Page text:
Going a step further, some universities have created support infrastructures such as business incubators to accelerate socially responsible businesses. Examples include the Social Innovation Incubator located in the Center for Global Leadership in Sustainability at Portland State University and the Kenan-Flagler’s Business Accelerator for Sustainable Entrepreneurship at the University of North Carolina at Chapel Hill. This latter university hosts a Sustainable Venture Capital Investment Competition, in which students present sustainable business plans in an attempt to win seed money.
From the examples underlined above, it can be inferred that entrepreneurship and sustainability cannot be set off to one side, but rather need to be fully integrated in the curriculum. Businesses are constantly changing the way they think about their operations, business models, and delivery of products and services. What is more, they are expected to do so while ensuring that they respect the environment, contribute to social welfare, and obtain financial benefits.
Individuals can address social and environmental problems by means of creating and developing new businesses and innovations. In this respect, educational programs play an important role, as they should infuse students with the right skills and confidence to develop and launch their own ideas and plans for new and sustainable ventures.
This section describes the experience of a course on Service Management taught at Universitat Politècnica de Catalunya (UPC Barcelona Tech) in Spain. This course is part of the master’s program in Innovation and Research in Informatics, and its main aim is to provide students a complete and comprehensive picture of the management of service industries, offering them an integrated view. As economies all over the world are increasingly becoming more service-oriented, there is a need to go further in the study of all aspects related to the management of service industries.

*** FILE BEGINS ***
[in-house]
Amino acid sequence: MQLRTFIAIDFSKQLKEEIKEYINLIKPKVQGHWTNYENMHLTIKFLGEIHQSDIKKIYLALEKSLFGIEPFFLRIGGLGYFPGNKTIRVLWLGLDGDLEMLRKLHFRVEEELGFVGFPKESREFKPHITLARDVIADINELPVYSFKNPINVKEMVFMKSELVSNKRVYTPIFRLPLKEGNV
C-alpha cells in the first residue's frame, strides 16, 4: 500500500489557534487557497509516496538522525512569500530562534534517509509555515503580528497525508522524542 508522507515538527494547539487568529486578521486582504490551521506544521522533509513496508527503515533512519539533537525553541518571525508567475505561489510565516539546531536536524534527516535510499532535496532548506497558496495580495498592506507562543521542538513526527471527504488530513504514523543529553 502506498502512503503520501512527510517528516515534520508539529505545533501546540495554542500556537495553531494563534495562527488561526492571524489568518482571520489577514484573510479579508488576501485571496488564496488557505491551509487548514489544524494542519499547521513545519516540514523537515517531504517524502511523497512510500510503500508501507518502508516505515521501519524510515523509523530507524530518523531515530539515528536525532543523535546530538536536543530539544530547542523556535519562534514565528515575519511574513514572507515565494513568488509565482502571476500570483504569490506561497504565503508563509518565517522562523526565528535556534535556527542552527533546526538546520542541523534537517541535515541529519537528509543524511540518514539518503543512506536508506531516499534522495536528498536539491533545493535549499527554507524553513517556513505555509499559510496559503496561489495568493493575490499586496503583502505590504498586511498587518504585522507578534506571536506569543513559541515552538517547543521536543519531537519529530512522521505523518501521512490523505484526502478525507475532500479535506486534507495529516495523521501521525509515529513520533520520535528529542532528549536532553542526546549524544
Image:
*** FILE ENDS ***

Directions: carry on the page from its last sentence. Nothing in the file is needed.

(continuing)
One of the main outcomes of the course is the final project. To achieve this goal, the course adopts an entrepreneurial approach. In groups of four, students are assigned a project-based activity . Specifically, they are required to design a new service business . Throughout the course, students gain theoretical and practical insights on how to manage this particular type of firm and the specific features they need to consider.
Compared to other entrepreneurship courses, the value added of this course is that students should come up with an idea that, besides having the potential for being profitable, will be respectful of the environment and/or contribute to reducing social inequalities. As there are few courses exploring and/or crossing the boundaries between these two disciplines (entrepreneurship and sustainability), the ultimate goal of this course is threefold: (i) to foster sustainable entrepreneurship, (ii) to influence students’ behavior by dealing with the challenge of sustainability, and (iii) to prepare students to thrive in and contribute to sustainable development.